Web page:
The United States says it successfully shot down a medium-range target ballistic missile using an interception system it hopes to set up on the Korean peninsula.
The July 30 test of the Terminal High Altitude Area Defense (THAAD) system comes amid mounting tensions with North Korea, which said a day earlier that it had successfully tested a long-range intercontinental ballistic missile (ICBM) that proved it was able to hit the U.S. mainland.
The U.S. Missile Defense Agency said that in the U.S. test, an Air Force C-17 aircraft flying over the Pacific Ocean launched a medium-range missile that was detected, tracked, and intercepted by a THAAD unit in Alaska.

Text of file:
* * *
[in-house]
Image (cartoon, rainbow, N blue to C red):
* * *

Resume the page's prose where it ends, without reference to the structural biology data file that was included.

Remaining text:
The agency added that it was the 15th successful intercept in as many tests for the system, parts of which were moved into South Korea under the previous government in Seoul.
The new leader of South Korea, Moon Jae-In, suspended the program's deployment in June, saying a new evaluation of its environmental impact should be conducted.
China has been angered by the THAAD deployment, calling it destabilizing for the region.
Russian President Vladimir Putin, meanwhile, has said that deployment of THAAD elements in South Korea and Alaska "destroys the strategic balance in the world."